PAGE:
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Music therapy brightens Jurnee’s days during childhood cancer treatment

Music therapy has been a welcome distraction for 10-year-old Jurnee Rust during her stay at University of Minnesota Masonic Children’s Hospital.
Music can play a vital role in the healing process. Just ask 10-year-old Jurnee Rust, who participated in a music therapy program offered at University of Minnesota Masonic Children's Hospital during her cancer treatment. When asked what she wanted people to know about music therapy, Jurnee said: “I get to play whatever I want!”
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Clad in a sparkly owl headband and bright purple nail polish, 10-year-old Jurnee Rust improvised on a reverie harp during her fourth day of chemotherapy.

“Oh yeah, I like how that sounds,” Jurnee said, as she struck notes with an oversized plastic pick.

A few months ago, Jurnee was a healthy fourth-grader. But when an MRI revealed a brain tumor pressing on her optic nerves, Jurnee and her mother, Teina, traveled from their home Minot, N.D., to University of Minnesota Masonic Children’s Hospital to begin cancer treatment.

During her regular music therapy sessions, Jurnee plays the harp, learns Disney songs on the keyboard, explores percussion instruments and shares stories associated with the different sounds, among other activities.

Facilitated by Lead Music Therapist Lisa Skarbakka, MME, MT-BC, the sessions have been a welcome distraction from the pain and discomfort caused by Jurnee’s chemotherapy, Teina said.

A holistic practice

Music therapy can benefit people of all ages, from infants to adults. Though Jurnee prefers to take the lead during her music therapy appointments, the evidence-based therapy can be conducted in an active or receptive manner, and is adjusted to meet the needs and goals of each individual patient, Skarbakka said.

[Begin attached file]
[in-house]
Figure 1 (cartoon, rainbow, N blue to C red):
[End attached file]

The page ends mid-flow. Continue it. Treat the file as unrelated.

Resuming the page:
The experience may include listening to music, music-assisted relaxation, guided imagery, singing, dancing, playing instruments, songwriting, storytelling, sharing memories or self-expression through music, or co-treatment with other rehabilitative and integrative therapies. Families are welcome to participate, observe, or be away from the room during music therapy, Skarbakka said.

Any clinician at University of Minnesota Masonic Children’s Hospital can refer patients to music therapy for anxiety management, symptom management, developmental stimulation, emotional support, family support, procedural support, or end-of-life care.

Learn more about music therapy and integrative care at Masonic Children’s Hospital.

A year of growth

Thanks to generous philanthropy from the Blythe Brenden-Mann Foundation, the Fairview Foundation Greatest Needs Fund and the grandmother of a former patient, music therapy is expanding its services for our patients this year. The program is now available five days a week in our Pediatric Intensive Care Unit and medical/surgical units. Music therapists will continue to provide for our Pediatric Blood and Marrow Transplant program with support from the Children’s Cancer Research Fund, as well as our Pediatric Behavioral Health and Mental Health program, Home Health and Hospice program and at Fairview Ridges Hospital.

Find out how you can make a gift to support our music therapy program.

The program is partnering with the music therapy departments at the University of Minnesota and Augsburg College to conduct research, complete community service projects and establish a new pediatric medical music therapy internship.

Masonic Children’s Hospital will soon be adding a new Media Lounge located within the Wilf Family Center. Currently in the design stage, the lounge will be a place for patients, families, staff and visiting artists to play and record high-quality music and video content. The multi-purpose lounge will support a number of services within the hospital, including music therapy.

While music therapy has been an asset for Jurnee and her family during her hospitalization, a lively sense of humor, visits and gifts from family and friends and video chats from her sisters have helped her find strength as she continues her treatments.

When asked what she wanted people to know about music therapy, Jurnee said: “I get to play whatever I want!”

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